Medical Malpractice Lawsuits Benefit Many More than Just the Victim

Many American tort reformers assert that medical malpractice damage awards are far too excessive. It can be argued that one recent award exemplifies this concern; however, this view only investigates the detrimental effects of large damage awards without accounting for the benefits they provide. Our Illinois medical malpractice attorneys are particularly experienced in dealing with wrongful death cases.

A Chicago mother who struggled for years to have a child finally gave birth to her son. Despite being born fifteen weeks prematurely, the intensive care unit was able to stabilize the baby. Although the baby survived a very arduous birth, he later passed away because of an accidental sodium overdose administered by hospital staff.

This overdose was the culmination of multiple procedural errors by the hospital. First, the correct amount of sodium was incorrectly entered into the system. It then went unchecked and was administered to the baby. When the attending physician noticed discoloration in the baby, he tested him and discovered absurdly high sodium levels. Instead of rerunning the test, he simply discarded the test as incorrect.

While the number of mistakes is alarming, it is more startling that almost none of these medical mistakes violate hospital protocols. The parents eventually settled with the hospital for a staggering sum of $8.25 million, the largest sum ever awarded in Illinois for this type of case. At first glance, this amount appears to support the tort reformers arguments above; however, this award represents something far more than damages to grieving parents.

Tort reformers argue that awards as large as this one do damage the health care system as a whole by raising medical malpractice insurance costs, thus disincentivizing doctors from practicing in certain areas. There are also arguments that these parents have no future medical expenses, as parents with a now physically disabled child, so the award should be smaller. While somewhat legitimate, these arguments ignore several realities of the case at hand and large medical malpractice awards in general.

First, addressing the parents’ lack of medical costs, the excruciating facts of this case justify the size of the award. These parents tried for years to have a child and the mother experienced a very difficult pregnancy. It is also very unlikely that she will be able to have another child biologically. Another relevant fact is the amount of blatantly careless mistakes that caused the baby’s death. The baby’s death could have been prevented at least three times. While these facts alone justify the award’s size, the award is also justified on separate grounds.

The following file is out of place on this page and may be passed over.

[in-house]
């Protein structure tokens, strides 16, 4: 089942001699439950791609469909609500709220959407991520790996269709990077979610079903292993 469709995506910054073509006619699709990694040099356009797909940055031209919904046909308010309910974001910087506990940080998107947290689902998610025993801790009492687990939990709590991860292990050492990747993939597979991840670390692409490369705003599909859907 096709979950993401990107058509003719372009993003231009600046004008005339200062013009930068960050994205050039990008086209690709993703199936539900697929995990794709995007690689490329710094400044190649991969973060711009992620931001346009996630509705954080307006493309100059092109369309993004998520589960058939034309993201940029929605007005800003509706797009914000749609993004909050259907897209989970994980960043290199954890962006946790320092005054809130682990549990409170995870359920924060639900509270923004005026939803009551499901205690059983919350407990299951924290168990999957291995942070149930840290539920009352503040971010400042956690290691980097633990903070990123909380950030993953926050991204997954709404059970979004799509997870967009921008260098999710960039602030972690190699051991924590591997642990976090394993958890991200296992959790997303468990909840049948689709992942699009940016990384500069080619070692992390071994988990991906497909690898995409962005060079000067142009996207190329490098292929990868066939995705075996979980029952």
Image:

An integral aspect to damage awards is the broad spreading benefits that they perpetuate. Following this award, the hospital instituted protective measures that addressed each of the procedural lapses that caused this death. Thus, the large size of this settlement served as a catalyst to hospital procedural reform. While it is possible the hospital would have instituted these changes even if the award had been smaller, history evidences that change is often only championed through punishment. Further, such a large award grasps the attention of other hospitals that will now redress similar procedural errors they have in an effort to avoid this type and size of liability. Creating a deterrent effect, this award will ideally prevent similar deaths from occurring. As a result, this will ultimately reduce the aggregate amount hospitals, and health care in general, have to pay out for damage awards.

So even if you or a family member is the subject of only a minor injury or mistake, you should seriously consider consulting with a medical malpractice attorney at the Law Firm of Pintas & Mullins Law Firm. If nothing else, a medical malpractice lawsuit may ensure that hospitals avoid making that same mistake in the future. While you may not have been seriously injured, another person in another situation may be severely harmed by the same mistake.

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